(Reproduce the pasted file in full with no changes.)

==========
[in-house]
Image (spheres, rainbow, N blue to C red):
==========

[in-house]
Image (spheres, rainbow, N blue to C red):